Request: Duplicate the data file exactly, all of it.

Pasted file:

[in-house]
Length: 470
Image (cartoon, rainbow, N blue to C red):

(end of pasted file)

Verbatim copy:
[in-house]
Length: 470
Image (cartoon, rainbow, N blue to C red):